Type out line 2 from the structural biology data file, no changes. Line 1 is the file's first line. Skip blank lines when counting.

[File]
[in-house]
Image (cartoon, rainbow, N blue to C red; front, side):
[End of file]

Image (cartoon, rainbow, N blue to C red; front, side):